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U.S. Sen. John McCain, R-Ariz.

It appears that “elderly white men” are not doing their fair share of work to contribute to a national database of body fluids.

The National Health and Nutrition Examination Survey, a program of the National Center for Health Statistics, revealed the problem in a recent online statement regarding plans to transfer the nation’s database to a private contractor.

“Older white men” are particularly under-represented in the compilation of statistics and details of the collection, which has been in development since the 1960s, officials said.

In fact, it explicitly explains that the federal government lacks sufficient data on white males over 80.

“One of the rarest groups sampled are elderly white men,” the organization explained on its website.

“Sometimes the interviewer goes to a house with the sampling direction: ‘Look for white men, 80 and older.’ If there’s not a white male 80 and older living there, no one is selected from that household,” NHANES said.

The government’s aim in collecting these voluntarily contributed biologic samples is to assess “the prevalence of chronic conditions in the population.”

It gathers information through a combination of phone interviews and community visits by CDC’s Mobile Exam Center.

The issue arose because of planning documents that WND found during routine database research. They reveal the government collection of the body fluids of Americans soon will transfer into the hands of a private contractor, which will take over management of this 300,000-specimen biologic repository from the Centers for Disease Control.

CDC describes this store of blood, urine, oral-rinse and vaginal-swab samples as the “only nationally representative collection of stored specimens on the U.S. population.”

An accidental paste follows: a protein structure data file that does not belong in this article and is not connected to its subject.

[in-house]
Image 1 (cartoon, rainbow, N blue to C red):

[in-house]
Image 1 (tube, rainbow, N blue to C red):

CDC is urging citizen cooperation as it continues to amass data through NHANES.

CDC anticipates “future use” of these surplus specimens, partly because additional or repeat experiments may be deemed necessary.

It is, therefore, reaching out to the private sector to find a long-term home for the biologic samples, which the selected contractor will inventory and monitor, while sometimes delivering to government-authorized researchers.

CDC will provide that company with 16 or more storage freezers of unknown dimensions to store the specimens, the project’s Statement of Work, or SOW says.

The work, however, will be performed at a nongovernmental facility, where the contractor also will provide retrieval and shipment services on an as-needed basis, the SOW says.

The company will fetch an unspecified rate for various shipment ranges, whether in batches from one to 999 specimens or as many as 10,000-plus.

“As part of the NHANES physical exams, blood, and urine are collected from participating sample persons,” the SOW says. “More specimen volume is collected than is usually required for the biochemical tests due to the possibility that blood and urine tests may need to be repeated.”

Despite the possibility that such tests might have to be repeated, CDC acknowledges that most tests will not require repeating, thereby leaving a large surplus of biologic specimens. Using currently stored specimens, researchers have conducted over 100 projects, according to the SOW.

The document, however, did not identify or cite those research projects.

CDC says on the survey website that NHANES has helped improve the health of “all Americans” over the past 40 years.

Among improvements that CDC directly attributes to the annual survey is the development of child growth charts, the elimination of leaded gasoline and the government promotion of child vaccination.

Federal law constrains CDC from giving out information that identifies survey participants and their families without consent.

“This means that we cannot give out any fact about you, even if a court of law asks for it,” CDC says. “We will keep all survey data safe and secure.

“When we allow researchers to use survey data, we protect your privacy. We assign code numbers in place of names or other facts that could identify you.”

CDC did not disclose the estimated cost of the repository transfer.

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